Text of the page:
He couldn't get the words out but I knew what he wanted. He wanted me to put him out of his misery. Please don't make me do this, I thought to myself before I pulled my gun out and aimed it at his head.
When he saw me aim the gun, he closed his eyes and prepared to die. It took me a few moments before I was able to muster the strength to do the deed. I closed my eyes before pulling the trigger. After I heard the shot wring out, I opened my eyes and saw that the bullet tore through one of his eyes, obliterating it, before making its way through the socket into the brain. He died in an instant. He probably didn't feel a thing.
I wish to the god that I used to believe in that I did that. Instead of firing the gun, I lowered it and said, "I'm sorry."
He just stared at me, dumbfounded, but by the look on his face he probably didn't understand a word that I said. It's better that way. He then looked up at the ceiling of the cave as he begun to sputter out blood. The blood dripped around his mouth the way that spaghetti would decorate a small child's face.
As he choked to death on his own blood, I just watched him, unable to do a thing, unable to perform euthanasia on him. After a while, I could bear it no longer so I raised the gun but by that point it was pointless, in those five to ten minutes that passed by Tommy died.
Before I could lower my gun, a force knocked it out of my hands and sent it flying into the darkness of the cave. The sniper was watching me. There was no escape. So with nothing else to do I looked over at my friend's body, still trying to comprehend what had just happened.
His dead eyes stared back at me, widened and cold as if he were screaming only, instead of a widened mouth, his was slightly open the way that a lobotomites' would be. In the end though, what's the difference?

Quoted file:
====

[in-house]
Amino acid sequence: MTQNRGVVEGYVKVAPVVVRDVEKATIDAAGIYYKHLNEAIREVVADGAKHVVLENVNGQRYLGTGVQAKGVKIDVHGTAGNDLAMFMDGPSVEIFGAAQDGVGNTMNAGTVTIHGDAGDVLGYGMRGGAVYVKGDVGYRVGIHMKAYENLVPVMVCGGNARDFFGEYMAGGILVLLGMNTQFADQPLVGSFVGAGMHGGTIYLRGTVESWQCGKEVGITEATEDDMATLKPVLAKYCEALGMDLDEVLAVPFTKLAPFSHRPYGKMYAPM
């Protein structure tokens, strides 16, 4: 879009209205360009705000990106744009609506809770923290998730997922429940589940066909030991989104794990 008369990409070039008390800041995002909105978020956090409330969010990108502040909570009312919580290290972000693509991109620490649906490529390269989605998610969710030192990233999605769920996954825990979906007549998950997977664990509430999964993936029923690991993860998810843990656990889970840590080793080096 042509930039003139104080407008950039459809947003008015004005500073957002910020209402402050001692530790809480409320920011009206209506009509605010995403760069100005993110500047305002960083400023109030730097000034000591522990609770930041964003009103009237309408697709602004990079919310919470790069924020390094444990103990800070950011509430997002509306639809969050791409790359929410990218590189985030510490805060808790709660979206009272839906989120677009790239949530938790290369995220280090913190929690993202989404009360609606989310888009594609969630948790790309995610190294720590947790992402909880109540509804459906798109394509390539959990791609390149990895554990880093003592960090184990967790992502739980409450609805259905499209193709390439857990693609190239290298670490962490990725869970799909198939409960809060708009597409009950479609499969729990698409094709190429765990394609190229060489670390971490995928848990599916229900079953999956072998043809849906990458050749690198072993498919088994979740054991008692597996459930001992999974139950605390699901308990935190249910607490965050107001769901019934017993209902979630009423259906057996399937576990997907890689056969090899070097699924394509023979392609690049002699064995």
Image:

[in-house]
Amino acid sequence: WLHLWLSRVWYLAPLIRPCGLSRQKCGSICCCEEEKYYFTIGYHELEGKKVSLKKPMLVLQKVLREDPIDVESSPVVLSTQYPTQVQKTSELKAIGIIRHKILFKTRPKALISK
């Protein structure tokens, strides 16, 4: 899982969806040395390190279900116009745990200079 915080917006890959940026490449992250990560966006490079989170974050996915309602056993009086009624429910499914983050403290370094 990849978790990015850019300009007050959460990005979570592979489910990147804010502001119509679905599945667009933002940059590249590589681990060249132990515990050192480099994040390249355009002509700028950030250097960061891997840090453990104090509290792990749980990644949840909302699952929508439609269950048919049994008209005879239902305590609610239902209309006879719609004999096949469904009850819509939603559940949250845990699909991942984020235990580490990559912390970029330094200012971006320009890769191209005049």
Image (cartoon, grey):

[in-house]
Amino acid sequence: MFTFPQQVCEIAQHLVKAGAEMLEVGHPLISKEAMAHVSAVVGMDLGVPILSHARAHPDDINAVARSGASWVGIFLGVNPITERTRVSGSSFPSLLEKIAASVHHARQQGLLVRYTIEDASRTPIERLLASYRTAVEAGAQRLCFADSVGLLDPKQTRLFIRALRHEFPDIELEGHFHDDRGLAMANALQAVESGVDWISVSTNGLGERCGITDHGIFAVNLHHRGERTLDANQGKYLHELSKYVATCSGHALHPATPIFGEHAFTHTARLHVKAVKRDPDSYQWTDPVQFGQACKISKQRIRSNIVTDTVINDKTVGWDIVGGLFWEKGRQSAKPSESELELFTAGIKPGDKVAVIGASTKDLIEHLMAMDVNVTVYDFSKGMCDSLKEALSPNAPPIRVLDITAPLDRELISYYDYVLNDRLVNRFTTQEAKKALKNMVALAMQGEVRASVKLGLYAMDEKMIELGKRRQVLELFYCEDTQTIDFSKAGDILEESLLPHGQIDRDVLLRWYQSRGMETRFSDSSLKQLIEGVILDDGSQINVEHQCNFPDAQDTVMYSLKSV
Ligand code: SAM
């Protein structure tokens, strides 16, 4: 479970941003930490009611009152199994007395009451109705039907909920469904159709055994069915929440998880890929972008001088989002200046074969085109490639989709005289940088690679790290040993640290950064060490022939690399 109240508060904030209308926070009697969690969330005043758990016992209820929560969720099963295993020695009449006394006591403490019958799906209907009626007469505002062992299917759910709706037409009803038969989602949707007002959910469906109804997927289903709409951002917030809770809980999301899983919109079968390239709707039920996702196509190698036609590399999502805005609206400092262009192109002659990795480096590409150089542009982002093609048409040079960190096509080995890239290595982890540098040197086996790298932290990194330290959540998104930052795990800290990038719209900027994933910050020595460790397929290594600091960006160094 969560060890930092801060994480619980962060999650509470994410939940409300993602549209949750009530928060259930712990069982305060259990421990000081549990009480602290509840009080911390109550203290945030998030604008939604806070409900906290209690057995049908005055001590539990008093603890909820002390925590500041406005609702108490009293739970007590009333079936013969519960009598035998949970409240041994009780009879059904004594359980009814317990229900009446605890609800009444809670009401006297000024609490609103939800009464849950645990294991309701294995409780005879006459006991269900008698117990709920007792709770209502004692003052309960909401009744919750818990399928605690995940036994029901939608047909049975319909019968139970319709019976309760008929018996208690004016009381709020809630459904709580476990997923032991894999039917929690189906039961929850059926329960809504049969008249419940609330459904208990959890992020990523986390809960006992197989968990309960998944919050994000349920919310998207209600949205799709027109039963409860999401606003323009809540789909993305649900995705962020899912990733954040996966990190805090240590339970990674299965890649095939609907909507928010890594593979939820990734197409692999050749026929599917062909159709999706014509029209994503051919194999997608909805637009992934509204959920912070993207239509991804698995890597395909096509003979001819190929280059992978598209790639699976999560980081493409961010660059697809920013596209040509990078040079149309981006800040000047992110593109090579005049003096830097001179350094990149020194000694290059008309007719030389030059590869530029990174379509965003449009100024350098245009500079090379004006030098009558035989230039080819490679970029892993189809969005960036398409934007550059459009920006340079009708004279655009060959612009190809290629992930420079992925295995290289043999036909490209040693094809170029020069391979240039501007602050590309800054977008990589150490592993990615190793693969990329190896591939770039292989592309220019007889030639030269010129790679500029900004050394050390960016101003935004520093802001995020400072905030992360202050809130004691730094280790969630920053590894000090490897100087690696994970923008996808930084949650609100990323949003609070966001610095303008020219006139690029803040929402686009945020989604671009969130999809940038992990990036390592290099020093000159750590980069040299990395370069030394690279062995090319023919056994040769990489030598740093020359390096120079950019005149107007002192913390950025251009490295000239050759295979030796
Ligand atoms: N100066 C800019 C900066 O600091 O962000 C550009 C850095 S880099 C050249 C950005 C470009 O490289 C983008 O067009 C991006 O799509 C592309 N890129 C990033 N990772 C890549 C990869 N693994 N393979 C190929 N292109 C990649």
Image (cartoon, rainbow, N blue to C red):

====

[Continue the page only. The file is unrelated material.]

Despite being a non-believer, I considered giving him his last rites, he was Catholic after all, and that is probably what he would have wanted, and since his body will probably never be recovered, I might as well have done it. But I didn't since I didn't know the words. So I did the next best thing.
"Hail Mary, hail Mary full of grace, the Lord is with thee…" I stopped there since I didn't remember the rest. I only knew that much because I heard Tommy saying that prayer every night.
He would say that he wasn't afraid since God was watching over him and if he died, he knew where he was going. Oh, how I envy him.
Looking back now, I think about the mercy kill that Tommy wanted and how it is ironic that killing is used to relieve pain. Life is funny that way.
I also think about the sniper and his life. I wonder if he had a family. I ponder on what kind of a man he was. Perhaps he was like me, just some goofy high school kid who was dragged into this needless war. Maybe before the draft his main concern was just getting laid. Who knows?
I used to hate him for what he did to Tommy. But I understand now that he was just doing his job and that it was nothing personal. I'm one to talk, since after all, I had taken countless lives during my time in the war so who knows how many wives I had made into widows. I like to think that he hated doing in Tommy just as much as I hated ending the lives of complete strangers who were merely puppets of people who had no real connection to them.
As I laid there bleeding, I realized that I needed to find a way to escape. I tried my best not to give up hope but it was hard not to since I was at a disadvantage. All the sniper had to do was wait it out and he had all the time in the world to do that. I, on the other hand, was slowly bleeding to death.